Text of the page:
The Parliament’s decision to send the draft National Medical Commission Bill, 2017, to the standing committee of health has raised hopes for a constructive debate among political parties to remove the draconian clauses in the proposed bill. If not modified, the bill will replace the Medical Council of India (MCI) by a near-total central government department called the National Medical Commission (NMC). Devoid of a federal character, this non-representative body will be a poor substitute for the MCI.
The proposed NMC is not representative of the medical profession in India. The MCI has one representative each from state and practising doctors. With this being taken away, it remains to be seen how the ethics of practising doctors providing care to 80 percent of the population can be managed without having representatives from their own tribe.
The Indian Medical Association (IMA) is the collective consciousness of more than three lakh doctors from modern medicine, yet it was not consulted when the Union Cabinet took this decision to replace the MCI with the NMC.
The bill is not ‘national’ as it does not represent all states. Although, each state government does have the presence of a vice-chancellor in the body, the official will be appointed by the governor in through the Center. It isn’t ‘medical’ either as it allows the mixing of ‘Ayush’ with ‘modern medicine. Combining the two in the same treatment by the same doctor will constitute a new treatment and hence necessitate a trial, which would require the approval of the ethics committee.
The NMC is not a ‘commission’ as any commission requires the provision for a developmental grant in the five-year plan. It’s also not ‘representative’ as there is no representation of doctors from every state but only five elected zonal members in the commission with only an appellant authority. The so-called four ‘autonomous’ boards, with full powers, will have 12 nominated salaried full-time members with no representation from elected members. The bill is not ‘community-friendly’; the bill will make medical education expensive in the future. This is because the bill will increase the percentage of fee to be decided by the private colleges from 15 percent to more than 60 percent of seats.
One of the main contentions for replacing the bill was to get a new corruption-free mechanism but the NMC has the potential to breed corruption. Full powers are given only to three full-time nominated members in the board appointed on salary by the government. The commission has only appellant powers; more than 60 percent medical seats in private colleges will have no fee restriction and the penalty for violating norms will vary from 1/2 to 10 times (for example, from 5 crore to 100 crore). Also, the central government vests total control on waiving off penalty, giving permissions, and allowing doctors to practice without fulfilling all norms. The bill is also not ‘students’ friendly’. Those medical students who pass MBBS by grace but fail in the licentiate exam will not be allowed to practice. The ‘so-called’ autonomous boards are not really autonomous as all boards are under direct control of the government and the commission. And, the commission has regulatory as well as directional powers. The secretary of the commission can be a non-doctor appointed by the government.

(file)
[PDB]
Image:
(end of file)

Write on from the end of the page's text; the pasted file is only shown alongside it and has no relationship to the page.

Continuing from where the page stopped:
The bill is not IMA-friendly, which was not made a part of discussions despite being the largest stakeholder comprising government and private doctors, students, teachers, and hospitals. It is not ‘state medical council-friendly’ either as it takes away their autonomy to function. Not only this, the NMC will even have directional power over state governments. I hope the standing committee on health will rectify these anomalies by either amending the present NMC act or bring in a better act that takes into account IMA’s concerns.
KK Aggarwal is vice president, Confederation of Medical Associations in Asia and Oceania and former National President IMA - The Hindustan Times